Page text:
Then, there is that beautiful bottle. For this ink, it’s the 65ml bottle size, the largest they make. The base has a tear-drop shape that gives the little tail and a special shape to this bottle. Ink and pen pairings are careful combinations for me, aiming to show off both of them in the best light that they possibly can. This bottle shows me that they put the same effort and thought into designing the bottle as well. The bottle fits pretty nicely to your hand, the rounded shape sits like a smooth pebble from the beach in your palm. Due to this roundness and the different shape that the base of the bottle has, it feels like it should be unstable. It is not. It is easy to fill from, though my pens tend not to be on the larger size.
Buying something for the packaging is not something I tend to do, as I try to stay on the more practical side. The packaging gets thrown away, every single time. The part which makes Colourverse a good example of buying the packaging is that the inks also stand up to that high standard. They are well-behaved with beautiful colours. Also, we tend to form lasting opinions from first impressions, which means opening the packaging and peeling away layers of cardboard first. For me, this type of an experience translates to reaching for an ink more often due to the positive experience beforehand. As a customer, I want to feel valued and cared for. I will care a lot about which ink goes to my pen, and in return the company shows that they care about my experience with the ink beyond simple quality. Each ink/pen brand is good for one thing, and this is Colorverse’s forte. They make you want to buy and use the ink, and not only for the pretty colours that they come out with.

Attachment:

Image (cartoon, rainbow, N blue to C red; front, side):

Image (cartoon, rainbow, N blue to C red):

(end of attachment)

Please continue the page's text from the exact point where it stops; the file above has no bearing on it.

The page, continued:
I do have a number of them on my wish list.
Well, since we opened the box and took the bottle out, we might as well ink up a few pens. I’ve been using this ink every now and then, so I decided to ink up three pens with different characteristics to look at how it compares in different nibs. The first pen is a TWSBI Diamond ALR 580 with a very wet medium nib, the second one is the same pen with a normal fine nib and the last pen is a Faber Castell Grip fountain pen with a dry fine nib.
In the medium nib, the ink exhibits some interesting shading. It doesn’t create gradients of colour, but instead kind of separates. The darker parts where the ink pools, like the ends of letters, have a well defined line between them and the lighter parts. In the medium-wet fine nib, it rarely shades and even the lightest shade of this bright lavender colour is easily legible. On the other hand, the dry fine nib isn’t the most enjoyable experience. The light colour blends to the lines on the page and doesn’t stand out very much in cream coloured papers. It is still legible, though it is not as effortless as in the other two nibs. You have to bring the page closer to your face to read comfortably. It behaves okay, as long as you don’t use the worst paper. The only point that I encountered is that it’s a bit sensitive to the oils transferring to the bottom of page from your hand, like most shading inks.
If you can’t tell, I enjoy this ink a lot. The colour fits my taste perfectly and the shading gives it some spice. Colorverse Milky Lavender is the best of both worlds, a lovely ink in a lovely bottle.
Thank you for reading!